Advocates push feds to speed up autonomous vehicle legislation
Automakers are pushing federal regulators to speed up plans to revamp the Federal Motor Vehicle Safety Standards to account for connected and autonomous vehicle (CAV) technology, according to Bloomberg.
Their hope is to understand what will (and won't) be allowed on the roads when the current limited testing scales up to widespread implementation. Yet establishing consistent standards is expected to be a challenge given the scope of CAV technology's reach.
Legislation approved in July by a U.S. House panel would set a timetable for such standards while also allowing automakers to implement some CAV technology in the meantime.
Today, self-driving cars and other CAV technology is determined according to rules that vary by municipality and state. That is expected to make the eventual application of federal standards a contentious endeavor.
As Wired notes in its analysis of the current state of rules governing self-driving cars, federal regulations would supplant state and local policies. That could favor some states, such as those without CAV regulations, more than others, like California, which has invested heavily in being a proving ground for the emerging technology.
Small unmanned aerial vehicles, or drones, face a similar predicament. Last August, the Federal Aviation Administration handed down its final rules on drone use for commercial operations, including construction job sites. The rules still pay mind to local and state laws around security and surveillance. And they don't answer every question but rather take the most common uses of small drones and apply a blanket approval. Operators are still banned — or must seek an individual exemption from the FAA — from activities outside the scope of the rules, such as flying at night or over people.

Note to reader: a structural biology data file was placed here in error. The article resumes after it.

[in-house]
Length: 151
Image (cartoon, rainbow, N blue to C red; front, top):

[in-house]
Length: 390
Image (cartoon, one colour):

However, the federal drone rules were widely regarded as a major step toward greater adoption of the technology. The FAA is expected to expand the rules in the future.
As with drones, any federal rulemaking attempt for CAV is likely to be imperfect. That's in part because the research and development of the emerging technology is occurring faster than it can be considered and approved, or rejected, by regulators. Some level of standardization at this early stage stands to benefit the companies making the technology as well as the states and municipalities readying their roadways for it.
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